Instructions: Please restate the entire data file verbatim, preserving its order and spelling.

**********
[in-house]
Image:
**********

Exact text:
[in-house]
Image: